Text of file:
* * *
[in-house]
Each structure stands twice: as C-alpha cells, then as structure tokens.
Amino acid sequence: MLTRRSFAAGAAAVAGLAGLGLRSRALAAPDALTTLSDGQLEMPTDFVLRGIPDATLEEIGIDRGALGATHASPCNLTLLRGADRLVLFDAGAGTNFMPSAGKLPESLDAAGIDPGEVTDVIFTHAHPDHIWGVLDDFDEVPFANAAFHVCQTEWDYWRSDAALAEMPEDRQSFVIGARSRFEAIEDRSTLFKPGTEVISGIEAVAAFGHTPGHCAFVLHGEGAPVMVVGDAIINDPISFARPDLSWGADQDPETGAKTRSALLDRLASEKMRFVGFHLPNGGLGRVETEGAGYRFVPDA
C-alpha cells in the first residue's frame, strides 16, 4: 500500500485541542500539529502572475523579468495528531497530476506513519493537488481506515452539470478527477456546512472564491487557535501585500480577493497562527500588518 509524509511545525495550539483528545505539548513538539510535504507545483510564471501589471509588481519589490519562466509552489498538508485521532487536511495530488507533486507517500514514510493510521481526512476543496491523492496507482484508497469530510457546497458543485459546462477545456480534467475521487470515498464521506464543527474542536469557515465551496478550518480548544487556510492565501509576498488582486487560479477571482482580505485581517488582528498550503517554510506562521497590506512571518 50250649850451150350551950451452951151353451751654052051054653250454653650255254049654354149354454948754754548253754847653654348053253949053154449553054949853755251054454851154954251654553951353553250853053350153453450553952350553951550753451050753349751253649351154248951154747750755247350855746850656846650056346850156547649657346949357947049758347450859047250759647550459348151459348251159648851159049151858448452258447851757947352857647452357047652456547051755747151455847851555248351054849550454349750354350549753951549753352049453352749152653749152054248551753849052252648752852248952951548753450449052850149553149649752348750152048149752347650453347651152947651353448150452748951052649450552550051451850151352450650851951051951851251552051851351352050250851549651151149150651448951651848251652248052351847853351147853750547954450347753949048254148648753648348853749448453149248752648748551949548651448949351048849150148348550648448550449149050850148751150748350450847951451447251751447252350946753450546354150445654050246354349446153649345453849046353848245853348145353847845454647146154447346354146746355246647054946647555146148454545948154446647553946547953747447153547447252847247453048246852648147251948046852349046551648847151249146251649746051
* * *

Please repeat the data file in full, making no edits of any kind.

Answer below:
[in-house]
Each structure stands twice: as C-alpha cells, then as structure tokens.
Amino acid sequence: MLTRRSFAAGAAAVAGLAGLGLRSRALAAPDALTTLSDGQLEMPTDFVLRGIPDATLEEIGIDRGALGATHASPCNLTLLRGADRLVLFDAGAGTNFMPSAGKLPESLDAAGIDPGEVTDVIFTHAHPDHIWGVLDDFDEVPFANAAFHVCQTEWDYWRSDAALAEMPEDRQSFVIGARSRFEAIEDRSTLFKPGTEVISGIEAVAAFGHTPGHCAFVLHGEGAPVMVVGDAIINDPISFARPDLSWGADQDPETGAKTRSALLDRLASEKMRFVGFHLPNGGLGRVETEGAGYRFVPDA
C-alpha cells in the first residue's frame, strides 16, 4: 500500500485541542500539529502572475523579468495528531497530476506513519493537488481506515452539470478527477456546512472564491487557535501585500480577493497562527500588518 509524509511545525495550539483528545505539548513538539510535504507545483510564471501589471509588481519589490519562466509552489498538508485521532487536511495530488507533486507517500514514510493510521481526512476543496491523492496507482484508497469530510457546497458543485459546462477545456480534467475521487470515498464521506464543527474542536469557515465551496478550518480548544487556510492565501509576498488582486487560479477571482482580505485581517488582528498550503517554510506562521497590506512571518 50250649850451150350551950451452951151353451751654052051054653250454653650255254049654354149354454948754754548253754847653654348053253949053154449553054949853755251054454851154954251654553951353553250853053350153453450553952350553951550753451050753349751253649351154248951154747750755247350855746850656846650056346850156547649657346949357947049758347450859047250759647550459348151459348251159648851159049151858448452258447851757947352857647452357047652456547051755747151455847851555248351054849550454349750354350549753951549753352049453352749152653749152054248551753849052252648752852248952951548753450449052850149553149649752348750152048149752347650453347651152947651353448150452748951052649450552550051451850151352450650851951051951851251552051851351352050250851549651151149150651448951651848251652248052351847853351147853750547954450347753949048254148648753648348853749448453149248752648748551949548651448949351048849150148348550648448550449149050850148751150748350450847951451447251751447252350946753450546354150445654050246354349446153649345453849046353848245853348145353847845454647146154447346354146746355246647054946647555146148454545948154446647553946547953747447153547447252847247453048246852648147251948046852349046551648847151249146251649746051